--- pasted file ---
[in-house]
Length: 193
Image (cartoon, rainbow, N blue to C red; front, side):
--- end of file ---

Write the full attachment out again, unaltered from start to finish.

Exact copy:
[in-house]
Length: 193
Image (cartoon, rainbow, N blue to C red; front, side):